The old cross would have no truck with the world. For Adam’s proud flesh it meant the end of the journey. It carried into effect the sentence imposed by the law of Sinai. The new cross is not opposed to the human race; rather, it is a friendly pal and, if understood aright, it is the source of oceans of good clean fun and innocent enjoyment. It lets Adam live without interference. His life motivation is unchanged; he still lives for his own pleasure, only now he takes delight in singing choruses and watching religious movies instead of singing bawdy songs and drinking hard liquor. The accent is still on enjoyment, though the fun is now on a higher plane morally if not intellectually.

The new cross encourages a new and entirely different evangelistic approach. The evangelist does not demand abnegation of the old life before a new life can be received. He preaches not contrasts but similarities. He seeks to key into public interest by showing that Christianity makes no unpleasant demands; rather, it offers the same thing the world does, only on a higher level. Whatever the sin-mad world happens to be clamoring after at the moment is cleverly shown to be the very thing the gospel offers, only the religious product is better.

The new cross does not slay the sinner, it redirects him. It gears him into a cleaner and jollier way of living and saves his self-respect. To the self-assertive it says, “Come and assert yourself for Christ.” To the egotist it says, “Come and do your boasting in the Lord.” To the thrill seeker it says, “Come and enjoy the thrill of Christian fellowship.” The Christian message is slanted in the direction of the current vogue in order to make it acceptable to the public.

The philosophy back of this kind of thing may be sincere but its sincerity does not save it from being false. It is false because it is blind. It misses completely the whole meaning of the cross.

The old cross is a symbol of death. It stands for the abrupt, violent end of a human being. The man in Roman times who took up his cross and started down the road had already said good-by to his friends. He was not coming back. He was going out to have it ended. The cross made no compromise, modified nothing, spared nothing; it slew all of the man, completely and for good. It did not try to keep on good terms with its victim. It struck cruel and hard, and when it had finished its work, the man was no more.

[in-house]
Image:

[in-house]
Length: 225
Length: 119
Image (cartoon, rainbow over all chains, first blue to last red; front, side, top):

The race of Adam is under death sentence. There is no commutation and no escape. God cannot approve any of the fruits of sin, however innocent they may appear or beautiful to the eyes of men. God salvages the individual by liquidating him and then raising him again to newness of life.

That evangelism which draws friendly parallels between the ways of God and the ways of men is false to the Bible and cruel to the souls of its hearers. The faith of Christ does not parallel the world, it intersects it. In coming to Christ we do not bring our old life up onto a higher plane; we leave it at the cross. The corn of wheat must fall into the ground and die.

We who preach the gospel must not think of ourselves as public relations agents sent to establish good will between Christ and the world. We must not imagine ourselves commissioned to make Christ acceptable to big business, the press, the world of sports or modern education. We are not diplomats but prophets, and our message is not a compromise but an ultimatum.

God offers life, but not an improved old life. The life He offers is life out of death. It stands always on the far side of the cross. Whoever would possess it must pass under the rod. He must repudiate himself and concur in God’s just sentence against him.

What does this mean to the individual, the condemned man who would find life in Christ Jesus? How can this theology be translated into life? Simply, he must repent and believe. He must forsake his sins and then go on to forsake himself. Let him cover nothing, defend nothing, excuse nothing. Let him not seek to make terms with God, but let him bow his head before the stroke of God’s stern displeasure and acknowledge himself worthy to die.